2012 was a banner year, not only because of my 12 personal achievements, but also because the world didn’t end. And since it didn’t end, I’m looking forward to all the experiences and achievements 2013 has to offer.

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Filed under Atlanta, bragging on, coolness, family, freelance work, Friends, musing, NaNoWriMo, New Orleans, New Orleans Film Industry, random rant, tango, The Grandma Road Trip

The NO Show Wants You

Host Mindy Hawes with Eritria Pitts and Andrew Larimer.

Today, The NO Show is recording live at the Loews Hotel (300 Poydras), at 6 p.m.

What is The NO Show, you ask? Well, it is a new-style, old-fashioned variety radio show, hosted by Mindy Hawes, with music from Hazy Ray and produced by local filmmaker Helen Krieger of Flood Streets and Least Favorite Love Songs.

Featured in this session of The NO Show are Dan Woods and Cyrus Cooper, founders of Film Instant, Andrew Ward, a musician and poet, and Chris Champagne, political satirist.

The recording is free and open to the public.

Mindy Hawes with Michael Garrett and Jason Foster.

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October 3, 2012 · 11:49 am

The Grandma Road Trip – Leg Six

Leg Six: Acworth to New Orleans, 498.3 miles

Tuesday, September 11th: I left after Atlanta’s rush hour, managing to get a little sleep and after a tough goodbye with Mums. We’d gotten so used to traveling together, to sharing a small space together, it felt strange to make this last leg alone. I stopped for an early lunch with Aimee and then again, later, to make some calls for the movie, wrapping up some loose ends. Otherwise, the trip was uneventful, except for the end.

As soon as I arrived in Nola, I went straight to rehearsals for the NO Show. It turned out our leading lady was out of town and I would have to voice one of the lead parts during the live recording the next day, with Helen voicing the other. After rehearsal, I met Jamey for dinner. Normally, I would’ve just collapsed after a trip home from GA, but I still wasn’t done. I changed clothes in the bathroom, then went to tango! I didn’t dance very much, mostly just caught up with everyone since I hadn’t seen them for about two weeks.

It was midnight before I got home, which I’d last seen about 15 days previously, before Hurricane Isaac and before this insane road trip with my mom. I was so glad to be home in Nola, but I found myself missing Mums and everybody I’d gotten so used to seeing while on The Grandma Road Trip.

More than anything, I was just glad we had done it, glad to have spent the time with family and made the memories, glad to be safely home and to find my home safely waiting for me.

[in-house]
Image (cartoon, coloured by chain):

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Filed under family, Friends, musing, New Orleans, tango, The Grandma Road Trip, travel

The Grandma Road Trip – Leg One

Leg One: New Orleans to Baton Rouge, 80.1 miles

Sunday, August 26th: Becks and I met for dinner, catching up. During dinner, I got a call from my boss, confirming that the office would only be open for a few hours the next day so that we could prepare it for Hurricane Isaac. This was meant to be our last week and now the office would be closed for at least two days. Also, she said, I should fill up my gas tank, because gas stations were already running out. Becks and I finished dinner, grabbed some hurricane supplies and looked for gas. One station we passed had a line for several blocks and two others were sold out. As we separated, Becks said, “You might want to pack the car in case you have to leave straight from work.” So, I stayed up late Hurricane-“proofing” the house, packing for both the Grandma Road Trip and for evacuation. Have you ever had to pack as if you’ll be gone for just 14 days and also maybe indefinitely at the same time? It’s pretty hard.

Monday, August 27th: Monday should’ve started our last week in the office and instead, we had to get it ready to face the storm, as well as a bit of business as usual. As the hours passed, it became clear I was going to Baton Rouge. Several people were encouraging (begging, in some cases) me to leave. I was grouchy. This had happened a few years ago for Gustav and I ended up trapped in Baton Rouge for a week. But, I knew they were right, so I headed to Baton Rouge. I ran a few errands and stopped by to see my editors at the 225 offices. Then, I went to stay with friends who are like family to me. We hadn’t gotten to see much of each other lately, so between that and the BBQ dinner, it felt more like vacation than evacuation that first night.